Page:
Honeycomb structure could revolutionize optical astronomy
Arizona Summer Wildcat
$84 million telescope to be finished in 2004
A team of UA scientists is making a pair of lightweight mirrors that will begin a new generation of optical telescopes.
The University of Arizona Steward Observatory is continuing work on a new telescope that will one day be assembled on Mount Graham.
The glass surface of the observatory is being molded into a honeycombed structure allowing for the weight of the glass portion of the telescope to be reduced by almost five times when compared to the traditional solid glass form.
For night observations, it is critical that the glass cool to the temperature of the air so that convection above the lens will not blur the images.
The new structure allows the air to circulate between the individual lenses, cooling them much more quickly.
The two big mirrors will be mounted side by side on a single telescope mount in the $84 million structure currently under construction.
This pioneering work began in 1980 with Roger Angel, the lab's founder and director. By 1985, support for this project came primarily from the Air Force and the National Science Foundation.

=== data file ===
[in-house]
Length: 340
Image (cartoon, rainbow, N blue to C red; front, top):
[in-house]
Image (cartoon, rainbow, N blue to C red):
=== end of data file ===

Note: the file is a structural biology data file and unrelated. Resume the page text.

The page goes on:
A large rotating furnace was built, and a series of mirrors were cast. In 1990, the furnace was extended to its current size and was first used in 1992.
The observatory is now casting the glass for what will be the second of two mirrors for the large binocular telescope with each mirror being 27.6 feet in diameter.
The initial melting of the glass began on May 13.
The temperature increase is a gradual process said John Hill, the Large Binocular Project director.
"The oven is now undergoing controlled cooling at a rate of 1/8 degree per hour," Hill said. "This slow rate is chosen so that the vertical temperature gradient through the glass and the mold is a fraction of a degree."
"We will continue to cool at this slow rate until we reach 450 degrees Celsius," he added.
Inside the Mirror Lab furnace, 41,140 pounds of glass were melted at temperatures reaching 1,382 degrees Fahrenheit and began the spinning process on May 19, said Steve Miller, Mirror Lab manager.
Once in operation in 2004, the Large Binocular Telescope will be the world's most powerful for optical and infrared astronomy, Miller said.
Jeff Jensen can be reached at firstname.lastname@example.org.